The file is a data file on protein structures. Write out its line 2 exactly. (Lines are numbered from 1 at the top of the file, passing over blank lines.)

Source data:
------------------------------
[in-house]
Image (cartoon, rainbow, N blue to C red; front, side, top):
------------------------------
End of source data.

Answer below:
Image (cartoon, rainbow, N blue to C red; front, side, top):